How we found more than 1.5M user credentials on a public website with Google Dorks queries

Including Spotify, Gmail, Netflix, Facebook and other big ones …

Nov 14, 2018 · 5 min read

By Rémi ALLAIN <>

Wednesday, Nov. 14, 2018

The files mentionned in this article were never stored on one of our machines at any time.
The work was only done on publicly accessible data.
We have reported the necessary information to the relevant authorities and services.

It all starts with a link

While we were investigating on an alert reported to our SOC, we were landed on a famous hacking forum on the dark net. This is where, with a lot of surprise, we found a link (not related to the investigation) pointing to a text file stored on a website (not in the dark net).

This file contained a hundred of users credentials for the Spotify premium service. What aroused our curiosity was the freshness of the information, less than 2 months. It is common to find files of this kind, it usually corresponds to databases that have been hacked and then distributed. However, when those files are publicly available, their data are usually outdated.

So we tried to answer a question, where did this data come from? how was it acquired?

Let’s start our investigation!

Investigating on the sources

The second point that caught our attention was the format of the url. Like a CMS, the file path respected this format :


To find if there were more files like this on the website, we have used some Google Dorks queries (more information on this technique here).

Below an extract of queries we have used:

site:{domain}.{tld} password
site:{domain}.{tld} email
site:{domain}.{tld} login
site:{domain}.{tld}/{year} password

Jackpot ! More than five hundred of text file containing passwords have been found. In add, the results contained a lot of other files such as PDF, Docs, Scripts, etc.

After many hours of deep dive into those files, we were able to identify where the data came from. We detailed below the two most important sources (almost 50% of the data retrieved).

#1 Nocturnal Stealer

Nocturnal Stealer

Nocturnal Stealer is a malware first seen in March 2018 for the price of $25. It’s an information stealer as his name indicate. His strength is the ability to steal data from a wide range of product,

including 28 different kinds of cryptocurrency wallets, saved FTP passwords within FileZilla, and Chrome and Firefox browser information (such as login credentials, cookies, web data, autofill data and stored credit cards). It also zips up system data, including IP address and language, machine ID, date/time, installation location, operating system, architecture, username, processor type, video card info and a list of all running processes, to send to the C2 server.

The program therefore collects informations (passwords, login, wallet, etc.) and saves it in files (informations.txt, passwords.txt, etc.) that will then be sent to a C&C server.

I will not re-do a deep analysis, you can find good one here :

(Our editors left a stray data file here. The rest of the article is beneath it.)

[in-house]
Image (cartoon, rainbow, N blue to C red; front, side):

What interests us is the correlation with the freshness of the data. And we are able to say that more than 120 distinct people have been powned by this malware (based on retrieved data).

#2 Spotify Brute & NordVpn Cracker

An other big source are results from tools crafted by a hacker called `m1st`. He provide cracking tools like Spotify Brute and NordVpn Cracker, two brute-force software.

Spotify Brute

Those tools first appear around December 2017, data from these tools are therefore less reliable. Although they can always be up to date if the attack has been carried out recently.

The passwords storing problem

Beyond the fact of being infected by an information stealer, the real problem is how passwords are stored on hosts. This can be illustrated with FileZilla :

FileZilla is an FTP client software that stores its history as plain text in file recentservers.xml, and stores its login data as plain text in file sitemanager.xml. pwgrab32 can easily obtain their history records and credentials by parsing these two XML files.

What’s more, nowaday, majority of web browser provide a password storing and autofill feature. Even if it’s useful, storing sensitive data in a browser password manager is generally a terrible idea.

For example, the Firefox built-in password manager stores the encrypted credentials in a file called `logins.json` The usernames and passwords stored are encrypted with a key that is stored in the `key4.db` file. Both files can be located in the filesystem. Then it’s very easy to decrypt data, especially with Metasploit modules.

The Google Dorks problem

This is not the first time sensitive data are retrieved thanks to Google Dorks. Last summer a security researcher, Kushagra Pathak, demonstrated how he found passwords and sensitive information on public Trello boards with a Google query.

In Cybersecurity, those queries are often one of the first steps to find informations about targets.


Simple solutions can prevent you from ever finding your information in these types of files.

  1. Use strong password (10 min. length with alphanumeric and special characters, upper and lower case)

With Cyberprotect, enjoy the cyberserenity experience


Written by

Cybersecurity Competence and Managed Services Centre for IT, industrial and urban environments, for companies and organizations

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